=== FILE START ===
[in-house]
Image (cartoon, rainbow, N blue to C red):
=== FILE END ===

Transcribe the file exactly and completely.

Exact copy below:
[in-house]
Image (cartoon, rainbow, N blue to C red):